You may be alarmed to hear that Leslie Leong’s own plasma is taking top billing in her multi-media exhibit Blood-Letting: a Rite of Purification. Don’t worry, her blood is just the stand-in for her soul.

Leong’s show is now hanging at Gallery 22, in downtown Whitehorse. The exhibition, which has previously toured Yellowknife and several smaller NWT communities, consists of 25 three-by-four foot panels that combine newspaper clippings with Leong’s stunning photographs and lyrical text. Each panel, underlaid in paint mixed with Leong’s blood, broaches a universal human theme through highly personal stories and reflections.

One such panel is titled “Illumination.” The text meditates on the essential wonder and amazement that gives us hope in humanity. The photo is an uplifting shot of a beautiful mountain peak, yet the newspaper clippings tell stories of despair, of how this illumination is being clouded.

Another panel, called “Fine Balance,” ruminates on the delicate and constantly shifting balance that the world presents and how humans seek their own balance within this world. An accompanying photo featuring shifting sand attempts to capture this feeling.

Leong’s blood is indeed within in the panels. Unable to have it done at a hospital, and wisely unwilling to do it herself, she had two small vials of her blood drawn by the midwife who birthed her sons. The blood was incorporated into the paint.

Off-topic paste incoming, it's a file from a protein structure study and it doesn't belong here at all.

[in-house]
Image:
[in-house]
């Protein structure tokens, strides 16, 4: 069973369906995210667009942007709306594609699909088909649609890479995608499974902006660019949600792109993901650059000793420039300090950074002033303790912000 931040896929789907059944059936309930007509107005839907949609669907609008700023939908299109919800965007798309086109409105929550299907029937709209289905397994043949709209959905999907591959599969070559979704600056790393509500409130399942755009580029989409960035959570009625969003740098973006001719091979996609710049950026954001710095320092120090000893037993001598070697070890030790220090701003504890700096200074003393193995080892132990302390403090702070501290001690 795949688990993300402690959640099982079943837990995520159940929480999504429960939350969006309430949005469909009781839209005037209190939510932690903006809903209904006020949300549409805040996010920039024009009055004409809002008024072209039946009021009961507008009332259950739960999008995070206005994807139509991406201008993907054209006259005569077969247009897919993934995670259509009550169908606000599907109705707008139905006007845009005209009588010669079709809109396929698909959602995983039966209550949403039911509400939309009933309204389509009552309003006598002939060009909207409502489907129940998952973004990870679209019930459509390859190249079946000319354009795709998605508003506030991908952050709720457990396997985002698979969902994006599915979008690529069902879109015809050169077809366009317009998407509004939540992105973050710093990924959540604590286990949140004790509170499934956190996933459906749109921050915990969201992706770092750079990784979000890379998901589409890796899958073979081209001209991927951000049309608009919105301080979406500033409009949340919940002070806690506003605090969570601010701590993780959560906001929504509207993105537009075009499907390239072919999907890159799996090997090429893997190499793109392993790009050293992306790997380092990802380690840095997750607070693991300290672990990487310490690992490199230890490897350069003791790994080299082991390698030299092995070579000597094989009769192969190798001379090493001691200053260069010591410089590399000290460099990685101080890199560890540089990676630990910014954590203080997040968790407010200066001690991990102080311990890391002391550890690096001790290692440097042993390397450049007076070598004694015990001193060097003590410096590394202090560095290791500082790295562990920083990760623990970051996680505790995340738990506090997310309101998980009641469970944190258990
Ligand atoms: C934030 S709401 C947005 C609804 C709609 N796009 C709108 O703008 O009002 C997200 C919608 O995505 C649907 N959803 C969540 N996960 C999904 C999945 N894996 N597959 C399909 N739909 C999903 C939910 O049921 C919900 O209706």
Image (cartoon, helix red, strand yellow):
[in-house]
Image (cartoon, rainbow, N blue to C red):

More significantly, the blood symbolizes Leong’s spiritual, emotional and intellectual process of immersing herself in the often-horrifying facts of the world around us through the newspapers that report it.

“We read newspapers all the time, but to go into it in depth was another thing,” Leong explains. “I’m not the kind of person who can read newspapers every day because it’s too much. Getting that deeper sense for what was going on in the world was hard emotional work.”

Creating the panels was a three-part artistic process. Scanning the newspapers was a way of taking in the world around her. Collating the clippings into themes, writing the text and finding images was a process of trying to come to a very personal understanding of these events.

Finally, assembling and exhibiting the panels was a way of releasing it back to the world, not just for an audience, but for her own well-being.

“It’s not healthy to hold onto that,” Leong says. “For me, doing the exhibit was like purging it, like dealing with the world and coping with knowledge in some way.”

Leong’s themes have surfaced throughout human history, literature and religion.

Like many forms of spiritual questioning, Leong offers the audience not just her own reflections and experience, but also the opportunity to form and take up their own call to action.

“When we as humans, when we share things our intent is to affect another person,” Leong says. “So my hope is to help people to either continue to, or start to, question things. When we question, we can start to make change on a personal level first and then extend it out there to the world.”

To help her audience, the entire exhibition has been reproduced in the form of a small meditation book. For practical reasons, it is impossible to fully absorb the full 25 panels in one visit. The meditation book offers the opportunity to revisit the ideas, stories and images. As Leong says, “Take them home, contemplate them and keep them present in your life.”

Blood-Letting: A Rite of Purification is on exhibit in Whitehorse until Feb. 3 at Gallery 22, located upstairs in Triple J’s Music Café. The gallery is open Monday to Saturday 10 a.m. to 6 p.m., and Sunday from noon until 4 p.m., 2013.